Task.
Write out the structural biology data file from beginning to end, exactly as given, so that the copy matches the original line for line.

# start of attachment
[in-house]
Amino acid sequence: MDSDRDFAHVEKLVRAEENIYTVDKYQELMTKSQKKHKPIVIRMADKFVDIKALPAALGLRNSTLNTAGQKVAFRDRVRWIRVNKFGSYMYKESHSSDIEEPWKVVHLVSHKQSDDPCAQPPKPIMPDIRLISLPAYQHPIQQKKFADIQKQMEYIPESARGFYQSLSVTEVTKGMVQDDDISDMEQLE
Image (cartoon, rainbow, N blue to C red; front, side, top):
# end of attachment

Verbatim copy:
[in-house]
Amino acid sequence: MDSDRDFAHVEKLVRAEENIYTVDKYQELMTKSQKKHKPIVIRMADKFVDIKALPAALGLRNSTLNTAGQKVAFRDRVRWIRVNKFGSYMYKESHSSDIEEPWKVVHLVSHKQSDDPCAQPPKPIMPDIRLISLPAYQHPIQQKKFADIQKQMEYIPESARGFYQSLSVTEVTKGMVQDDDISDMEQLE
Image (cartoon, rainbow, N blue to C red; front, side, top):